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President Donald Trump said the Centers for Disease Control and Prevention now recommends that people wear “non-medical” cloth face coverings, when entering public spaces.
However, masks are an extra precaution, not a replacement for what we should already be practicing amid the coronavirus pandemic: regular hand washing, not touching your face, and social distancing of at least 6 feet.
If you find yourself trying to make a homemade mask, be sure to follow some of these important guidelines:
· Good coverage is important.
· Try to find a non-woven fabric.
· A mask should be snug and reach above the bridge of the nose and below the chin.
In this video tutorial above, we used blue shop towels because the nonwoven material is strong and can filter out virus droplets.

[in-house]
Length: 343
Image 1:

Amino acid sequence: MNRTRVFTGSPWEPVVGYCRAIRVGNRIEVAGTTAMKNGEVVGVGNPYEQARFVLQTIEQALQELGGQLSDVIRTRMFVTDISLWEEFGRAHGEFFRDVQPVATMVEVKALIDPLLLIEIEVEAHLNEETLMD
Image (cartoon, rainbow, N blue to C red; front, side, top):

In a Washington Post interview with Peter Tsai, the scientist who invented the electrostatic charging technology that N95 masks use, Tsai recommended shop towels as a strong alternative to fabric that would filter out droplets better than cloth.
The shop towels can even be used as a filtering layer if you decide to sew a cloth mask. This material is not perfect, but it is inexpensive and can be found at most auto supply or big box stores. The other required materials are common household items: rubber bands, paperclips, a stapler and tape.
These DIY masks will stop large droplets from getting in or getting out if worn properly.
Think of this as a disposable mask, good for a quick trip into the grocery store to pick up your essentials. Use it with caution as it could become compromised from moisture, or if not handled carefully.